A U.S. Army Veteran of Both the Vietnam and Afghanistan Wars Is Feeling a Strong Sense of Deja vu These Days
My old Army buddy Bob Mayton of Albemarle, North Carolina, is getting a strong sense of déjà vu these days. Every time he turns on the television and sees the thousands of desperate Afghans at the Kabul airport struggling to get out of their country, he remembers what happened in Saigon 46 years ago.
Just as Afghans risk their lives clinging to U.S. airplanes as they lift off, Vietnamese who’d worked with the U.S. military did the same as U.S. helicopters flew out of Saigon for the last time in April 1975.
“We have learned from history that we don’t learn from history,” Bob told me during a recent phone call. “Americans particularly.”
Bob, a teacher and historian, has the unique perspective of someone who served as a soldier both in Vietnam and Afghanistan, two long and losing wars that bookended a career that began in March 1971 and ended in December 2010. His service included both active duty and also years in the National Guard and Army Reserves and as both noncommissioned officer and officer.
He was in Afghanistan from June 2009 to May 2010, training Afghan infantry soldiers in logistics nd infantry tactics for the National Military Academy Afghanistan. He served in Vietnam from August 1971 to March 1973. He and I were in the same Army outfit in Plantation, Vietnam, in 1971 and part of 1972.
“When I left (Afghanistan) in 2010 I thought we were going down the tubes. I am amazed it lasted as long as it did. I saw the Afghan military wasn’t very motivated. It really wasn’t the military’s fault. … They knew about the corruption. They knew what was going on. They were involved in it, too.”
Over the 20 years of the U.S. involvement in Afghanistan, the U.S. government spent billions of taxpayer dollars on equipment, training, and the waging of a futile war, The equipment will now benefit the Taliban as it takes over the reins of government. War profiteers in the United States grew fat and happy as they do in all wars, and that’s why the “Deep State” they occupy is now so angry at President Joe Biden for finally bringing an end to those once-swollen rivers of cash flow.
“That is the ugly, ugly truth about the whole thing,” Bob said. “The military-industrial complex ran amuck. … The U.S. gave Afghans $50 million for spare parts, and we tried to teach them to requisition equipment. They get the $50 million to order spare parts and they wouldn’t do it. That money went somewhere. Into the pockets of officials. Some of that went on in Vietnam.”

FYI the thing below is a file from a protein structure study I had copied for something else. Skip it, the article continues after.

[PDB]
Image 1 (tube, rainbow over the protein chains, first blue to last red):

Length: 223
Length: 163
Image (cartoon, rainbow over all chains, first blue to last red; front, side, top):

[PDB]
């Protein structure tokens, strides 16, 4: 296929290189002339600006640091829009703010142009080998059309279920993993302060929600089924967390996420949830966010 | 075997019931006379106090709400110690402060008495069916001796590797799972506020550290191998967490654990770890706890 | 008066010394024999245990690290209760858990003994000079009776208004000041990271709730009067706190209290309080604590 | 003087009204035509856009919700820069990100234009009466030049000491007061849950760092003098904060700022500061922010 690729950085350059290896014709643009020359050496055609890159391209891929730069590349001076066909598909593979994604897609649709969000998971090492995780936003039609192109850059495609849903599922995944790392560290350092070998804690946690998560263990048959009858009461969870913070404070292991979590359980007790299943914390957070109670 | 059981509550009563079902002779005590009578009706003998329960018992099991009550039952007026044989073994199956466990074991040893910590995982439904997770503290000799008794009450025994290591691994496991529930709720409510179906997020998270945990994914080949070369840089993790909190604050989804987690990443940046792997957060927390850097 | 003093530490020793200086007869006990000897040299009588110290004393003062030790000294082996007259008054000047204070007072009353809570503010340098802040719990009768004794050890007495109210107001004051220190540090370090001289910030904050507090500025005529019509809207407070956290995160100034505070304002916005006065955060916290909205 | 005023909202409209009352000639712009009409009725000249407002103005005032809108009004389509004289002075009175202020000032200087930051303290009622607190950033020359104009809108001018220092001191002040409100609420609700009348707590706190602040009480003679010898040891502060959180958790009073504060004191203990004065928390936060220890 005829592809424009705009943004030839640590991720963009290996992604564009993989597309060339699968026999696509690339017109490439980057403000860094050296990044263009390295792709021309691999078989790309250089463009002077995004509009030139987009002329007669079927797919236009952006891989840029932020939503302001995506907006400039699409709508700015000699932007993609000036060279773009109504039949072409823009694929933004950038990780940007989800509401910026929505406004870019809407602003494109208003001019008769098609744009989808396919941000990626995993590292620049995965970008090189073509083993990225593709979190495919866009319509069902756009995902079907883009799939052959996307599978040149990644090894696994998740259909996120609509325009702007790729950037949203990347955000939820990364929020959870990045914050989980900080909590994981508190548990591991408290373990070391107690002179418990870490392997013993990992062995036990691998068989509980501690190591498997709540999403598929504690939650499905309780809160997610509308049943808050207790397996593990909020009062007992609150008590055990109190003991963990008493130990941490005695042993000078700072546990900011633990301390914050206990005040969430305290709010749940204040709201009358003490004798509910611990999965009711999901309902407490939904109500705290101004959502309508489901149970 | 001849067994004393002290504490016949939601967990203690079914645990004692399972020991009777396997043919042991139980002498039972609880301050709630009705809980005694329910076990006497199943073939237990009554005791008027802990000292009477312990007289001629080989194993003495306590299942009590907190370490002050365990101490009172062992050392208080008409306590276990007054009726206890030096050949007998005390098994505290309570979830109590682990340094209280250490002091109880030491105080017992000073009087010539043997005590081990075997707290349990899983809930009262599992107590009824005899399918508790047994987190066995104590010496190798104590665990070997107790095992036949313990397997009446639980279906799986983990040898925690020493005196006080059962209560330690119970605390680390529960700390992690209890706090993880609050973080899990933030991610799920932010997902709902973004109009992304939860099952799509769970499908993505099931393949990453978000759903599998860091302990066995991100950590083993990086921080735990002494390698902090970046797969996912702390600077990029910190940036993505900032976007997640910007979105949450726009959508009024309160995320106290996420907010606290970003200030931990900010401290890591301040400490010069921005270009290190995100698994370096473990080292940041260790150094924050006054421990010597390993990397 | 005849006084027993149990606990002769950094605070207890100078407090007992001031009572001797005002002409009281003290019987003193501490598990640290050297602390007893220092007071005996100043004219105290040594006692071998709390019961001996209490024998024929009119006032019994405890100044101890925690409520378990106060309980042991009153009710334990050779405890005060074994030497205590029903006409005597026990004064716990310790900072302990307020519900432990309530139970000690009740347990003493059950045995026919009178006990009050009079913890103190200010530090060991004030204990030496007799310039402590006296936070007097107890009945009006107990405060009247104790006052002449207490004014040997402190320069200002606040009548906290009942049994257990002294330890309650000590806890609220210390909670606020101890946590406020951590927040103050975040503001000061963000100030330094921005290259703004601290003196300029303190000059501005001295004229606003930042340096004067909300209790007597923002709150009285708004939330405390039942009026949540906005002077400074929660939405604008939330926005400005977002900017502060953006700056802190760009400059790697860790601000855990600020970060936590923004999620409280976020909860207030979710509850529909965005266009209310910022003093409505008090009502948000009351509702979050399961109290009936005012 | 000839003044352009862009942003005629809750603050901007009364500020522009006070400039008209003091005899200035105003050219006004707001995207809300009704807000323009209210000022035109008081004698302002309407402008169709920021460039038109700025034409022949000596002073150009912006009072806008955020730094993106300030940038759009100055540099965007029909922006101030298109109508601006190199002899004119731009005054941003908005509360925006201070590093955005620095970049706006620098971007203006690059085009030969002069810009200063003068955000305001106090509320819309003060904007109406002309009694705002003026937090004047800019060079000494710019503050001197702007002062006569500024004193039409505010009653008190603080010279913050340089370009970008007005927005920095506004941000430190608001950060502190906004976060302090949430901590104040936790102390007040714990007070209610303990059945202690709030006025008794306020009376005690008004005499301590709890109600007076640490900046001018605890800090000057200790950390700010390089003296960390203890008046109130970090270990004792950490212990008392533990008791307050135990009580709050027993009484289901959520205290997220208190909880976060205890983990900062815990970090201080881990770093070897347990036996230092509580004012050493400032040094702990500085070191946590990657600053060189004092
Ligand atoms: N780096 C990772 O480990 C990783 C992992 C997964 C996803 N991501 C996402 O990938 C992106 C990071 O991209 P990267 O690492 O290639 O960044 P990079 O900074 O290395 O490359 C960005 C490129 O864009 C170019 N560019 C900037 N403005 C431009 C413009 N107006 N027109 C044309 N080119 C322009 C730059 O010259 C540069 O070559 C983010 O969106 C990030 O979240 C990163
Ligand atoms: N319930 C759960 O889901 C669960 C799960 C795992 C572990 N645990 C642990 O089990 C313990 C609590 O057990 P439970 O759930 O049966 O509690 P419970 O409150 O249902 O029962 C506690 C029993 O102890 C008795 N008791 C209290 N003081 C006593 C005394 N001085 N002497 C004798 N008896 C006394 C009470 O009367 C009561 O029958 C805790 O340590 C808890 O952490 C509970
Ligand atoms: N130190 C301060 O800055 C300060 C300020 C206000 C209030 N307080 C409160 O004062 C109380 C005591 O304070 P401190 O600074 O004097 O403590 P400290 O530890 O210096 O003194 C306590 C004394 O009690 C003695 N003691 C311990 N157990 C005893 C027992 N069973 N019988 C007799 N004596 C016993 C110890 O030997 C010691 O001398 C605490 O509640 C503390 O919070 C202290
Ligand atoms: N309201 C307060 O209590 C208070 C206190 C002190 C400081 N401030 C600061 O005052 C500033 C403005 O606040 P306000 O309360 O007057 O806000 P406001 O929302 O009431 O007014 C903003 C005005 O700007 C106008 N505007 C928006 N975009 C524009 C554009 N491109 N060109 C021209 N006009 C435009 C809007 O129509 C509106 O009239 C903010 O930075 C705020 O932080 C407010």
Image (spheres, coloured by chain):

As in Afghanistan, the years of U.S. investment in training South Vietnamese soldiers went to naught once the U.S. pulled out and the Communist North Vietnamese swept into Saigon.
However, Afghanistan is a much different country. In fact, it’s hardly a country at all.
“There are nine major tribes or ethnic groups in Afghanistan. It is not really a nation. It is a collection of tribes. Each tribe wants to do it their way. I don’t think the people as a whole are interested in a united Afghanistan.
“I was teaching infantry tactics, advanced individual training. The people came and went as they pleased. Guys would come in and find out they were going to Kandahar and go home, sell their uniforms and equipment. They’d wait a month or so and come back and go through it again. They didn’t want to go to Kandahar. That was where the Taliban was, and troops were getting with the program.
“The Afghan people I met on the surface were nice people, and they appreciated what we were doing, but their heart wasn’t in it (the war).”
Bob feels the U.S. withdrawal could have been handled better, but “I think there is probably some truth in what Biden said about not tipping off the Taliban with an earlier withdrawal. I like Biden, but I think it could have been better planned.”
Bob worries about the Afghans left behind and particularly Afghan women, who now face the religious zealotry of the Taliban. “I worry that the schools for women are going to be gone.”
What’s also worrisome is the fact that this could all happen again.
“I’d like to say no but hell no, but I think it will happen again.”
And when it does, perhaps some young soldier who served alongside Bob in Afghanistan will serve in that future war as well, and he, too, will be experiencing the same sense of déjà vu that Bob is feeling today.
[Joseph B. Atkins is a veteran journalist and writer who teaches journalism at the University of Mississippi. He is the author of Harry Dean Stanton: Hollywood’s Zen Rebel (University Press of Kentucky, 2020), and the novel Casey’s Last Chance (Sartoris Literary Group, 2015). His blog is http://www.laborsouth.blogspot.com and he can be reached at email@example.com ]
Thanks to the author sending this to Portside.
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